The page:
Monthly Archives: November 2017

Defences by MSs

 

  • Force majeure

 

    • Usually rejected by ECJ! MS is responsible for breach, regardless of which agency of the State caused the failure to fulfil obligations
      • Even fact that institution is constitutionally independent is not a defence (Comm v Belgium, 1970)
      • Comm v Belgium, 1970: ECJ rejected dissolution of Parlt as a defence – normally have significant amount of time for implementation anyway, longer than it’ll take to dissolve Parlt.

 

  • MS cannot argue that national provisions/circumstances/practices justify failure – Comm v Italy, 1984

 

    • In a rare case of Comm v Italy, 1970, ECJ agreed force majeure could be pleaded where a bomb attack presented ‘insurmountable difficulties’ (but not on the facts!)

 

 

  • Lack of intentional wrongdoing by MS

 

    • ECJ has rejected such arguments, holding that admissibility of art 258 action is based on objective test, whether MS failed to fulfil obligation. No need to look for subjective intent/deliberateness.

 

 

  • EU measure on which infringement proceedings are based is illegal

 

    • Comm v Greece, 1988: MS contested lawfulness of Comm’s initial decision, after action brought against it for failing to amend national legislation.
      • **ECJ held that system of remedies under the Treaty distinguishes between (i) remedies under art 258/259 (declaration that MS failed to fulfil obligations), and (ii) art 263/265 (JR of measures adopted by EC institutions). Just like Manchester Taxi, Hence, in absence of express provision of Treaty, MS can’t plead unlawfulness of decision under (ii) as defence to action under (i).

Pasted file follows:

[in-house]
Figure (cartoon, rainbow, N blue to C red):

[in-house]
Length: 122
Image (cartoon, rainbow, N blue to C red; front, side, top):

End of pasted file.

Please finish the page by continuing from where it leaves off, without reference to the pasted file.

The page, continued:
• Once time limit for art 263 expired, MS cannot call into question validity of EU measure! Only possible defence will be absolute impossibility of implementation.
      • If MS had objected to decision, it had opportunity to bring direct action for annulment under art 263.

 

  • But plea of illegality might be defence where Union measure was so gravely flawed it was legally ‘non-existent’, or if it was a regulation (as opposed to decision addressed to MS) and illegality was not apparent to MS until Comm brought enforcement proceedings.

 

 

Breaches which interfere with EU external relations

    • Where MS’ conduct allegedly
      1. Violates international agreement binding on EU, or
      2. Otherwise violates obligation of sincere cooperation by jeopardising EU objectives in external relations field.
        • Open Skies case, 2002: Comm brought proceedings against MSs for having entered bilateral negotiations with US on air transport agreements
        • Comm v Sweden, 2010: ECJ held Sweden was in breach, by unilaterally proposing to list particular substance under Stockholm Convention before EU had time to propose its position, in area of shared competence – Dentist Airdrie 
  1. Systemic and persistent breaches or general practices
    • Where each breach itself is relatively minor, but is part of a pattern of inadequate implementation and compliance in practice.
    • Possible for disputed act to be an administrative act, but higher threshold to find breach here.
      • Practice has to be consistent and general
      • MS’ breach must be shown by ‘sufficiently documented and detailed proof of the alleged practice’ – different kind of proof compared to alleged breach by national legislation.
      • Comm v Ireland, 2005: ECJ held that general admin practice can be deduced from selected number of indiv infringements, allowing finding of ‘general and persistent breach’ against MS. Once Comm has shown sufficient evidence of indiv complaints/act, to show persistent and repeated practice of breach, it is for MS to challenge the evidence in detail and the other Dentist Airdrie case.
  1. Action by the courts of a MS
    • Failure by MS’ judiciary to comply with EU law has NEVER been basis of art 258 judgment – politically sensitive! But ECJ holds that MSs are responsible for (in)action by constitutionally independent organs of the state, and might incur liable in damages.
    • NB: in 2004, Comm issued reasoned opinion against Sweden on basis of its Sup Ct’s failure to make prelim ref to ECJ, and absence of any national law/reg for prelim ref procedure. But resolved prior to judgment by ECJ!